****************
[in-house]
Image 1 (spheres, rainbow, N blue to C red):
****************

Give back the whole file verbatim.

[in-house]
Image 1 (spheres, rainbow, N blue to C red):